Again, it’s worth noting that the benefits of throwaway prototyping are wholly dependent on you using it in the right contexts in the first place.
With that caveat out of the way, here’s what you need to know.
The headline selling point of throwaway prototyping is the speed with which you can build out ideas. Since software engineers can eliminate a large number of development tasks, you can create working models much faster.
There are a few concrete business-level benefits that stem from this, including:
- Reducing labor costs.
- Freeing up resources to work on different projects.
- Faster decision-making.
- Improved client and stakeholder experiences.
Say for example you needed proof of concept that a dedicated CRUD app could be built to streamline management workflows for a particular data source. Throwaway prototyping minimizes the resources needed to validate this idea - prototype developers can output a working user interface at speed.
So, you only need to commit to additional expenses when you’re confident that a solution is viable.
Similarly, using throwaway prototyping to minimize labor costs lowers the barriers to working on new ideas. That is, when it takes less time and effort to validate novel ideas, your team is more likely to innovate.
In other words, your team can come up with better solutions, faster.
Even if a particular idea doesn’t go ahead, any lessons learned can still be brought forward into future projects. This is an effective way to build tacit knowledge within your development team.
Throwaway prototyping can also be a powerful tool for managing stakeholders. Often, less technical stakeholders have a large say in how projects progress. These could be clients, project managers, or internal end users.
As we all know, working with demos and robust prototypes is one of the best ways to manage this.
Leveraging throwaway rather than evolutionary prototyping allows us to take advantage of this fact earlier in the project. For instance, during initial ideation or requirements gathering.
As we’ll see a little bit later, modern low-code development tools make building prototypes so fast, that you can wow stakeholders by mocking up ideas on the fly. For example, in initial information-gathering sessions.
We’ve touched on this already, but it’s actually quite a tricky issue in the context of throwaway prototyping. The reality is that you can save money here, but that’s not to say that you will.
Nothing in life is guaranteed, after all.
As we’ve said already, one element of this is using throwaway prototyping in the right context in the first place. Besides this, we also need to be cognizant of how we manage and oversee prototyping tasks to maximize ROI.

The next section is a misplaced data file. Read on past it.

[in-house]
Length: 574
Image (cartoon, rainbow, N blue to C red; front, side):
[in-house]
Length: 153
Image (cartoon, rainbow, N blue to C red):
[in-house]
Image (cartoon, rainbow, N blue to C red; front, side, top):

For instance, defining discrete workflows or using dedicated approval apps to control how and when your team builds prototypes.
We’ve said already that throwaway prototyping is a deviation from the norm. So, it follows logically that it must introduce challenges. Otherwise, everyone would do it all of the time.
With that in mind, here are the specific downsides that you’ll need to watch out for.
If you’re building things that you know you might not eventually use, it goes without saying that you risk introducing a large degree of redundancy into your development projects. If left unchecked, this can create serious problems.
There are actually a few different scenarios where this can play out, besides just abandoned ideas.
One is the possibility that different developers don’t share learning or coordinate in other ways. Then, we end up in a situation where different team members could potentially duplicate the same prototyping tasks.
Similarly, if proper controls aren’t put it place, you might end up with developers building prototypes that are simply redundant in and of themselves. That is, features or tools that aren’t central to the overall project, unlikely to provide business value, or simply not a priority.
We said earlier that throwaway prototyping can help to reduce costs. However, the sad fact is that things can just as easily go the other way - in large part, for reasons we’ve highlighted already.
So, we might spend excessive labor hours on things that we don’t end up needing to unnecessarily double up on specific tasks.
In extreme cases, the entire project might be a sunk cost, with minimal actual business value, besides lessons learned.
Similarly, while throwaway prototypes can help to expedite some elements of stakeholder management, they can also make this more costly. For instance, if throwaway prototyping is used to make up for the fact that clients don’t know what they want in the first place.
One of the biggest challenges here is ensuring visibility over what your team is working on at any given time. Of course, your developers are professionals and we should give them plenty of credit.